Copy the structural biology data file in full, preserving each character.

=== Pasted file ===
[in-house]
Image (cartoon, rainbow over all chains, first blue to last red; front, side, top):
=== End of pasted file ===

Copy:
[in-house]
Image (cartoon, rainbow over all chains, first blue to last red; front, side, top):